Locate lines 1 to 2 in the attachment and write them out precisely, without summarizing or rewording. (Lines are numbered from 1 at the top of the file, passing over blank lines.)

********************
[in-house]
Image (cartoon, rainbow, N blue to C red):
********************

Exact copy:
[in-house]
Image (cartoon, rainbow, N blue to C red):